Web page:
medwireNews: Further analysis of the French cohort of the SAGhE study raises the possibility of a link between growth hormone (GH) treatment in childhood and an increased risk of haemorrhagic stroke in early adulthood.
The absolute number of strokes was small, however, with 11 occurring among a cohort of over 6000 patients, compared with an expected number of 3.1 to 7.4, calculated from population-based stroke registries.
Commenting on the study for medwireNews, Martin Savage, Emeritus Professor of Paediatric Endocrinology from Barts and the London School of Medicine & Dentistry, UK, stressed that a causative role of GH for haemorrhagic stroke “remains highly speculative and as yet unproven.”
The researchers suggest that GH treatment may lead to weakened blood vessel walls, as seen in acromegaly. But Savage argues that the low doses of GH used “would be unlikely to cause pathologically elevated insulin-like growth factor-1”, which, combined with the short treatment duration, makes acromegaly an “inappropriate” comparison.
The multinational SAGhE (Safety and Appropriateness of Growth hormone treatments in Europe) study monitors people who received GH during childhood in the late 1980s and 1990s and involves patients from eight European countries. The French team previously reported an increased mortality risk among patients in the French cohort; however, a separate analysis of the Belgian, Dutch and Swedish cohorts found no such increase, reporting a low number of deaths, which were predominantly accidental.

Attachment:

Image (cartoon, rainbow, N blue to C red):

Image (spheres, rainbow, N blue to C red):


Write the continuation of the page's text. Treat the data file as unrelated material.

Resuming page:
The French investigators – Joël Coste (Université de Lorraine and University Paris Descartes, Paris) and team – found the largest excess mortality risk in their cohort to be for subarachnoid or intracerebral haemorrhage, and have now investigated this further in a report published in Neurology.
However, Savage said that the public concern in the wake of the initial French report “should have persuaded Coste and co-authors to report their results together with the findings of the full Consortium, rather than publish individually for the second time.”
He added: “One has to question the motives for this ‘go-it-alone’ approach which will ultimately be seen to damage rather than enhance the value of this important collaborative project.”
The analysis of the Belgian, Dutch and Swedish cohorts is not mentioned in the second French report, which Savage described as “an extraordinary omission, given the collaborative nature of the Consortium study.” He said: “This adds to the unbalanced nature of this publication.”
As detailed in the report, there were 11 cases of stroke among 6874 patients in the French cohort defined as “low risk”, after exclusion of those treated for severe conditions such as cancer, and those with multiple pituitary hormone deficiency or paediatric syndromes such as Turner, Prader-Willi or Fanconi. The strokes comprised three ischaemic strokes, three intracerebral haemorrhages and five subarachnoid haemorrhages; six were identified in patients’ medical records and five from patients’ responses to questionnaires.
Stroke occurred at an average age of 24 years among the patients. Three had been born small for gestational age, but none had severe GH deficiency.
The expected number of strokes was 7.4, based on a population-based stroke registry from Dijon, France, giving a nonsignificantly increased crude standardised incidence rate (SIR) of 1.5 and a significantly increased corrected SIR (including estimated number of missed cases) of 2.2.
The crude SIR was significantly increased for subarachnoid haemorrhage (5.7) and nonsignificantly increased for intracerebral haemorrhage (2.1), and the corresponding corrected SIRs were significantly increased for both, at 8.6 and 3.9. All SIRs were slightly higher when a stroke registry from Oxford, UK, was used as the comparator.
By Eleanor McDermid, Senior medwireNews Reporter
Neurology 2014; Advance online publication